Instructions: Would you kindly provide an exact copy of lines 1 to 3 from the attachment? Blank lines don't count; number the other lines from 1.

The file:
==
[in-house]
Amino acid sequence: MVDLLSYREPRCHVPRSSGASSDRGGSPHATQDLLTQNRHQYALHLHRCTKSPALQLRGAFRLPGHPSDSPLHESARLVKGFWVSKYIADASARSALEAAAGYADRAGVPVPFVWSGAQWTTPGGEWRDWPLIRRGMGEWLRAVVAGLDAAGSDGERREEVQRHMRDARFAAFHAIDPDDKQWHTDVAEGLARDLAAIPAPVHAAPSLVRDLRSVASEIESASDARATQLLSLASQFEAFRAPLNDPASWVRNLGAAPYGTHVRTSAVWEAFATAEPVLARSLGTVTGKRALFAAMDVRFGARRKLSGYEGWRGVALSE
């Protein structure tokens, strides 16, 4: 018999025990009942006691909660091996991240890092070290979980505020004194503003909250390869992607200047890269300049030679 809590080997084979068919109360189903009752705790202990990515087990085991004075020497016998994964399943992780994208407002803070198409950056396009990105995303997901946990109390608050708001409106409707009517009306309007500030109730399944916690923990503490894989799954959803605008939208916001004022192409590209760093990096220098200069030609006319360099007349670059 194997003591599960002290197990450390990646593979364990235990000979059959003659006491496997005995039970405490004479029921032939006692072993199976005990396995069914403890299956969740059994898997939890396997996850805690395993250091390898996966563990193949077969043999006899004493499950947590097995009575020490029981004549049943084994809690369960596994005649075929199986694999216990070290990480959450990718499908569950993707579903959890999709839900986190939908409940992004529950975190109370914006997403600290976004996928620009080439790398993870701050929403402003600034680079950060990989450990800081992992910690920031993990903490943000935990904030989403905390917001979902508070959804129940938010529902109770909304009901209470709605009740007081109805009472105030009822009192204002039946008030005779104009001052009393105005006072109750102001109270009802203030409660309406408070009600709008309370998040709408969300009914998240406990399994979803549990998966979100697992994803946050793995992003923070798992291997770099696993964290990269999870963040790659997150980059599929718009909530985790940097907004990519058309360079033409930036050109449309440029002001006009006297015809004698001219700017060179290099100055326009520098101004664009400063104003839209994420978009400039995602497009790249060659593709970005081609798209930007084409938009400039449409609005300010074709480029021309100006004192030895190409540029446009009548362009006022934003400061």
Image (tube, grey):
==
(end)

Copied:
[in-house]
Amino acid sequence: MVDLLSYREPRCHVPRSSGASSDRGGSPHATQDLLTQNRHQYALHLHRCTKSPALQLRGAFRLPGHPSDSPLHESARLVKGFWVSKYIADASARSALEAAAGYADRAGVPVPFVWSGAQWTTPGGEWRDWPLIRRGMGEWLRAVVAGLDAAGSDGERREEVQRHMRDARFAAFHAIDPDDKQWHTDVAEGLARDLAAIPAPVHAAPSLVRDLRSVASEIESASDARATQLLSLASQFEAFRAPLNDPASWVRNLGAAPYGTHVRTSAVWEAFATAEPVLARSLGTVTGKRALFAAMDVRFGARRKLSGYEGWRGVALSE
């Protein structure tokens, strides 16, 4: 018999025990009942006691909660091996991240890092070290979980505020004194503003909250390869992607200047890269300049030679 809590080997084979068919109360189903009752705790202990990515087990085991004075020497016998994964399943992780994208407002803070198409950056396009990105995303997901946990109390608050708001409106409707009517009306309007500030109730399944916690923990503490894989799954959803605008939208916001004022192409590209760093990096220098200069030609006319360099007349670059 194997003591599960002290197990450390990646593979364990235990000979059959003659006491496997005995039970405490004479029921032939006692072993199976005990396995069914403890299956969740059994898997939890396997996850805690395993250091390898996966563990193949077969043999006899004493499950947590097995009575020490029981004549049943084994809690369960596994005649075929199986694999216990070290990480959450990718499908569950993707579903959890999709839900986190939908409940992004529950975190109370914006997403600290976004996928620009080439790398993870701050929403402003600034680079950060990989450990800081992992910690920031993990903490943000935990904030989403905390917001979902508070959804129940938010529902109770909304009901209470709605009740007081109805009472105030009822009192204002039946008030005779104009001052009393105005006072109750102001109270009802203030409660309406408070009600709008309370998040709408969300009914998240406990399994979803549990998966979100697992994803946050793995992003923070798992291997770099696993964290990269999870963040790659997150980059599929718009909530985790940097907004990519058309360079033409930036050109449309440029002001006009006297015809004698001219700017060179290099100055326009520098101004664009400063104003839209994420978009400039995602497009790249060659593709970005081609798209930007084409938009400039449409609005300010074709480029021309100006004192030895190409540029446009009548362009006022934003400061």